Many West Coast students know Bernie Birt as the executive director of the MBA Program for Executives in San Francisco. This isn’t surprising, as she interviewed many of them during the admissions process. However, in addition to being an admissions committee member, she’s also the COO of Wharton San Francisco. We asked her to tell us more about both roles, and share some admissions tips for applicants. Here is what she said:
Q. How do you structure your admissions interviews?
I try to put people at ease right away. This is a big decision and something they will only do once in their life. I want to make sure they do it at the right place for them. I’m honored that these wonderful, smart, and ambitious people are interested in being part of our program so I have great respect when I talk to them.
The interview is more a conversation about their career journey, goals, and how they made the decisions in life that helped get them to this point. I try to dig deeper to see how they fit into a team setting because that is critical for success in our program. And I look for how they will share their knowledge and experience in the classroom, as that creates a richer educational experience and is part of what makes Wharton’s EMBA program unique.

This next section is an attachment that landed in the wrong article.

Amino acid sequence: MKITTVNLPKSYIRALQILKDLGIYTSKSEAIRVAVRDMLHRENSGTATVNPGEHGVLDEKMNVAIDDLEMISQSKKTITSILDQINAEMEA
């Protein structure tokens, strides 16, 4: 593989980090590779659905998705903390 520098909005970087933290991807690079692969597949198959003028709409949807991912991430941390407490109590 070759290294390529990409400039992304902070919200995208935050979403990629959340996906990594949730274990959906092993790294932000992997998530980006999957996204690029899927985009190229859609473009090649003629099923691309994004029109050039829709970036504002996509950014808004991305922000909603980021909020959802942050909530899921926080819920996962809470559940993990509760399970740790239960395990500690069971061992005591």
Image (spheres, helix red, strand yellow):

Another aspect of the interview is that it can be the foundation for a future relationship. You always remember who you interview (and who interviewed you) so this is often the beginning of an ongoing connection with the student. I want them to feel like they can come back and talk to me throughout the program.
Q. What are the main things you look for in an interview?
Intellect and academic horsepower. They have to be able to do the work. I also look at how the program will fit into their life. Are they in a good place to take on this additional full-time equivalent educational experience? It will take them away every other weekend from home and family and create more work during the week. There is never a perfect time, but is this the right time? Have they done their homework and made sure that the people who care about them personally and professionally are on board with this commitment? The students who tend to have the most challenges in our program usually don’t have great levels of support. This is a once in a lifetime opportunity so we want students to get the most out of it as possible. If they’re overwhelmed by other commitments, they won’t be able to enjoy the journey here.
Q. What are some other application tips for candidates?
Of course they should prepare for the GMAT, but I also recommend focusing on the essays. The essays should be authentic. It’s a chance to tell their story, highlight what’s important to them, and explain how a Wharton MBA will help them achieve their goals. There is no right answer, but applicants should have someone else review their essay like a partner, colleague, or friend. The essay is a critical part of the application.